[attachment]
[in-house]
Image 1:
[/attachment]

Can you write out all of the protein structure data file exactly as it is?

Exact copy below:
[in-house]
Image 1: